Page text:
I’ve spent the last 8 years believing that it could be, and hoping that it was. It breaks my heart to be told that it isn’t, because I believe in my heart that it can be, and I still believe that it is. But I want to be really clear that I’m not leaving because I have “outgrown” the church. I’ve spent the last several years trying to tell the church that my theological differences are not irreconcilable, that I’m not here to stir up trouble, and that I can participate faithfully and humbly despite my differences. I’ve been told, with a lot of kindness and sincerity for which I am grateful, that the church disagrees; I no longer fit.
A lot of anger and hurt comes from the fact that I know that’s not true. I know ordained pastors and leaders and teachers who hold my same belief, who find themselves on the inside because they weren’t asked the same way I was, or perhaps their beliefs have changed since their ordination. I choose to set aside my envy, and the anger that comes with it, because my heart and my prayers go out to them. My heart breaks more for the people still in my recent circumstance who are stuck in the limbo leading to an ordination that may never come; not because they’ve decided they are too big for the Nazarene church, but because the Nazarene church has decided to change the rules for entry.
There’s a part of me that wants to go on a tirade here… stuff about how the
church ought to care as much about the disenfranchised as it does about who loves whom; that it ought to not fear disagreement but welcome it as a
necessary component in the pursuit of holiness…. I’m not able to do that yet
without my anger overcoming the love that I am called to, and that I do feel at my best moments for the church that raised me.
Maybe in time I will be able to do that, but for now, I want to simply say this. I have loved the Church of the Nazarene for 28 years, and it has loved me back. It has loved me and poured into me at times that I didn’t return, and I have loved it at times when it broke my heart. I choose for right now to be one of those moments.
I don’t write this to encourage anyone to do anything differently. If you serve the Church of the Nazarene, I implore you to steward her well. Even now I don’t want to stir things up, or cause any ill will. In fact, I write this because I know that there are so many Nazarenes in Arizona, Oklahoma, California, and countless other places who still care about me enough to wonder what I’m up to, and to wonder what happened here. You all deserve to know, because you invested in me and loved me and raised me to be the person I am today. I hope that doesn’t change. I still need you.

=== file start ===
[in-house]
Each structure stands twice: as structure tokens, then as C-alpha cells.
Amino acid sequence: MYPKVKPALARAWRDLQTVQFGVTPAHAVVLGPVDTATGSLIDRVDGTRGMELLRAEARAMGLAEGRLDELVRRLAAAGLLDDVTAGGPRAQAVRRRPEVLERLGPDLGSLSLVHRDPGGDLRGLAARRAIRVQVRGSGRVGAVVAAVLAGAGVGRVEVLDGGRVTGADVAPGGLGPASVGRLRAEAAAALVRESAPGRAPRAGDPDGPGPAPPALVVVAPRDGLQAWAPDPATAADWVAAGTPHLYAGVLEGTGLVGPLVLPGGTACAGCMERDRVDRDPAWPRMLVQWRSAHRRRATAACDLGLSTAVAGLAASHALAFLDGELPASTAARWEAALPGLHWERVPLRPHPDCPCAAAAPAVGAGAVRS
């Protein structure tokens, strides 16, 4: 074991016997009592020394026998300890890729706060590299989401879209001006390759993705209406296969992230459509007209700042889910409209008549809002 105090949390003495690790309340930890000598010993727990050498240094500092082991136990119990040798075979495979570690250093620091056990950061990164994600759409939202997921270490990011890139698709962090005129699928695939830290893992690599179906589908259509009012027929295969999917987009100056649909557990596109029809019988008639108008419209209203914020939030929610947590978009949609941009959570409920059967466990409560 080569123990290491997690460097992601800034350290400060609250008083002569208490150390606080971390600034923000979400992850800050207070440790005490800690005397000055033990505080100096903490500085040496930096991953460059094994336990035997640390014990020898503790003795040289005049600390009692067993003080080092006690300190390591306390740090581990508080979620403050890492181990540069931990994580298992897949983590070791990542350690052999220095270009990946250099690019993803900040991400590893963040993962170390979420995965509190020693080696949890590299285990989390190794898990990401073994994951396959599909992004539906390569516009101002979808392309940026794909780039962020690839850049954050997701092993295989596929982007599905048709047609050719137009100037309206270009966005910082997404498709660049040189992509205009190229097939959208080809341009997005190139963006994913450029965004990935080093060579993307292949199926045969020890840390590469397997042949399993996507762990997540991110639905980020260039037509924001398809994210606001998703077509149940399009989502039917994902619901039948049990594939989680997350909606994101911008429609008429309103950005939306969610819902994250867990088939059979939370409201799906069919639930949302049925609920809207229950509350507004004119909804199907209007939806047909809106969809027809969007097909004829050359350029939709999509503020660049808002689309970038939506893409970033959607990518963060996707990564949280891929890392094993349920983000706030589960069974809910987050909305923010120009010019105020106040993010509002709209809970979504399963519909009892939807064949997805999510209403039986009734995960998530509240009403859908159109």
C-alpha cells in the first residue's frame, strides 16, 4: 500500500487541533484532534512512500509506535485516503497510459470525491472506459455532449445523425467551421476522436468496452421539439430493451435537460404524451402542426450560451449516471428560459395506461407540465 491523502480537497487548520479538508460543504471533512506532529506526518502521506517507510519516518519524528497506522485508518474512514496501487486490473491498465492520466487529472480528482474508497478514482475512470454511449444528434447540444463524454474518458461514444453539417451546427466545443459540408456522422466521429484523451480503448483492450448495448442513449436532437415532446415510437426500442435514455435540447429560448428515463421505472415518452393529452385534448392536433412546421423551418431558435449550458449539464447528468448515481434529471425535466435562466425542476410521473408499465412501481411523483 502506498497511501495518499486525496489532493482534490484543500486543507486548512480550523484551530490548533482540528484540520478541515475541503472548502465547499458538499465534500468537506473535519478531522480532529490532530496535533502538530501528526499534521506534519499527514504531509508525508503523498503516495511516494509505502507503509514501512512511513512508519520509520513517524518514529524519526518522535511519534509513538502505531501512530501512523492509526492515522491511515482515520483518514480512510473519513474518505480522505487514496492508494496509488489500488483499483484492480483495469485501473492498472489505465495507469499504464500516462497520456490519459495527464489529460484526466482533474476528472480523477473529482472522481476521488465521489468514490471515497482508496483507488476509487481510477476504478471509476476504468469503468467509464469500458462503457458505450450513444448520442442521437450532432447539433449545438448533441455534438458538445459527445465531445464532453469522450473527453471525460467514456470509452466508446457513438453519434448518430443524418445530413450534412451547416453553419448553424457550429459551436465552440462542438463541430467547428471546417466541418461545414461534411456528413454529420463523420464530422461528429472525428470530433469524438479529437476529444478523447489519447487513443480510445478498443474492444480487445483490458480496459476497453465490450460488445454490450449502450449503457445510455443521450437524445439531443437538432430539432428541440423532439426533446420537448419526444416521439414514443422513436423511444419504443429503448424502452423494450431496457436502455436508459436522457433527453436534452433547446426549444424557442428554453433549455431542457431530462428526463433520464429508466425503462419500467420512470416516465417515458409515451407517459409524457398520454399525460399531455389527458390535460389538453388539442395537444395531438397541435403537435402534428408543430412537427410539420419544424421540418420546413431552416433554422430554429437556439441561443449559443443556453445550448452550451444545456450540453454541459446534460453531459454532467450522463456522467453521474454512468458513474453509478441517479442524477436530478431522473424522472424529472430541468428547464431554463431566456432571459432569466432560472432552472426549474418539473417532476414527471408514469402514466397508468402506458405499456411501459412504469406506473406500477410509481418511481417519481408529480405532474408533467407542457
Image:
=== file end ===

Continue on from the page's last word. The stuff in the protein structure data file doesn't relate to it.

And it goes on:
But Jesus is leading me elsewhere. I’m not quite sure where still. In my daily
work at The Center, I believe I am wholly where Jesus has led me, and I
believe I am doing the ministry Christ has called me too. If you disagree, I
suggest you take that up with God, because my heart is at peace.
I don’t know what the future holds. I’ve hoped for a couple years now that I
would be able to serve the poor and also serve a church, and that my life’s vocation and calling could merge into one. I still love to go to church, and to write and teach and preach. I hoped it would be with the Church of the Nazarene. It seemed like that’s what God had in mind. Maybe I messed it up. Maybe someone else did. I just don’t know, and maybe never I will.
The hardest and scariest part is realizing that this decision puts that dream far out of reach. Despite the emotional and personal things I am letting go of, I’m losing an entire course of study, and 100’s of hours of pastoral experience that were counting towards my ordination. To begin that process somewhere else feels impossible, especially because I have no intention right now of leaving my church home, even as I step out of the ordination process.
So if you can, pray for me. Even if you disagree with me. Even if you think I’ve been led astray, and/or that I’m “playing” this wrong. Pray that God finishes what God started when I felt called to ministry 15 years ago. I’m going to keep going where I find Jesus, and everyday I find him in the work I try to do in helping the most vulnerable people in my city. Maybe I will spend the rest of my life doing that. Maybe I will find a denomination or a church that sees me and my work and my heart and wants to invest in me again. I will always hold that hope and will remain open, God willing, to say yes.